Seated, L-R: Princess Patricia of Connaught, Emma Paterson, the Duke of Connaught (Governor General of Canada), the Duchess of Connaught, and Lieutenant-Governor Thomas Paterson, September 1912. Courtesy Royal BC Museum and Archives

In chapter three, she looks at the men who held office from the time BC joined Confederation up to the First World War. The cadre commenced with Joseph Trutch (1871-1876) and concluded with Thomas Wilson Paterson (1909-1914). They “were not only representatives of the Crown, but also agents of the federal government…. All had spent part of their careers in the capital [Victoria, BC] working for the federal government or had served as federal government agents elsewhere” (p. 29).

Edward Gawlor Prior, circa 1919. City of Vancouver Archives

Clayton discusses BC’s response to the First World War in chapter four and describes how the war affected Government House. “As representatives of the Crown, the Lieutenant Governors and their chatelaines … served as role models in their support of the armed forces and war-related fundraising efforts. After the war, they helped to usher in a new peace, representing the Crown in commemorative events in an attempt to come to terms with the incomprehensible losses” (p. 100). Francis Stillman Barnard (1914-1919) and Edward Gawlor Prior (1919-1920) were incumbents during this period. Both had served as Members of Parliament before their appointment as viceregal representatives. “Prior was the last of a series of politically experienced ‘Ottawa’s men’ to serve this role,” Clayton says. “After Prior, the role of the Lieutenant Governors of British Columbia would undergo a dramatic shift” (p. 114).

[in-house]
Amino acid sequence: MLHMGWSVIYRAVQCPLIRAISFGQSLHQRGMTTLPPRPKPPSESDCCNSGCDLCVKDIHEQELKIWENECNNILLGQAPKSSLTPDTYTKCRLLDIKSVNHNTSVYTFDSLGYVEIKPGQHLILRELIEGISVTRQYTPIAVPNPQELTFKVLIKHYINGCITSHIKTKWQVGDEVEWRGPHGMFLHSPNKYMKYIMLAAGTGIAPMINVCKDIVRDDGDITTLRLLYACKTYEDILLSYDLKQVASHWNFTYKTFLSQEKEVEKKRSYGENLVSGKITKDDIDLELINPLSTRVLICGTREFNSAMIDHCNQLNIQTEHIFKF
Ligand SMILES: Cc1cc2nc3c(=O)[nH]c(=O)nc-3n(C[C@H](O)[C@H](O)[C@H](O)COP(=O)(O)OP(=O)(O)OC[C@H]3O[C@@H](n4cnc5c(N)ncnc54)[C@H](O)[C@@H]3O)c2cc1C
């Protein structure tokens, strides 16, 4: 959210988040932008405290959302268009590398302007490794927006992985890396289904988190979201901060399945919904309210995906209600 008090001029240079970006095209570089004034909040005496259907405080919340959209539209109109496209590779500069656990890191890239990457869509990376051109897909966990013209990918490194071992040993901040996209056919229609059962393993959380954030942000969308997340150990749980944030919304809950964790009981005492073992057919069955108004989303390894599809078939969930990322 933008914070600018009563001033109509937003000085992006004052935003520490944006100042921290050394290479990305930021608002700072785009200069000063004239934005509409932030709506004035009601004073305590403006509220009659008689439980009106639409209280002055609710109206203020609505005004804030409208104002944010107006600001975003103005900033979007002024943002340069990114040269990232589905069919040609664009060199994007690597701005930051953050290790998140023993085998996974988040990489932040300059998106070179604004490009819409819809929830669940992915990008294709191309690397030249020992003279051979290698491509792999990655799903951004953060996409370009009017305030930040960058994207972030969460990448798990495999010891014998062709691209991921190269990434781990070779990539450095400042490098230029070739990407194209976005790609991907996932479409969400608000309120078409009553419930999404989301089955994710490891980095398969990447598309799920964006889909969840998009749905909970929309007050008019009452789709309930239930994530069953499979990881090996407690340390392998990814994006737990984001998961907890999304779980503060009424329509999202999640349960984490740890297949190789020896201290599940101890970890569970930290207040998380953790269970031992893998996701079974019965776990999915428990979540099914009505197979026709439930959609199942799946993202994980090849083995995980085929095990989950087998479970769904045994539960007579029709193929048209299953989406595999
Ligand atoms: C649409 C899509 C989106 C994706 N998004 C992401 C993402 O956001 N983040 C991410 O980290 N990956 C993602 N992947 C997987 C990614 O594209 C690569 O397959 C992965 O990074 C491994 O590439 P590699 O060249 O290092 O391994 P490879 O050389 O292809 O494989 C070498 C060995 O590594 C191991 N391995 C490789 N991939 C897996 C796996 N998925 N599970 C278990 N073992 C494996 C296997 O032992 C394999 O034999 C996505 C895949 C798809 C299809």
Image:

The political experience of men appointed before 1920 was crucial in carrying out the constitutional duties of the lieutenant-governor. British Columbia was noted for its political instability in the late nineteenth century: recall the hurly-burly turnover of governments led by Theodore Davie, John Turner, Charles Semlin, and “Fighting” Joe Martin. And even with the advent of party-based politics after 1903, there were uncertainties. During his term, Barnard accepted the resignation of one premier (Richard McBride) and administered oaths of office to three others — William Bowser, Harlan Brewster and John Oliver. Provincial politics were relatively stable afterwards and, Clayton says, from 1920 to 1960 “political and legal experience were not essential for the job, while a willingness to travel, promote British Columbia and host large events became increasingly important” (p. 116).